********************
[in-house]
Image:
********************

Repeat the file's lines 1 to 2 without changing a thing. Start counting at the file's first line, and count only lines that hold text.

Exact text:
[in-house]
Image: